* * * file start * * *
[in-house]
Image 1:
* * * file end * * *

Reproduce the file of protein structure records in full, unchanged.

[in-house]
Image 1: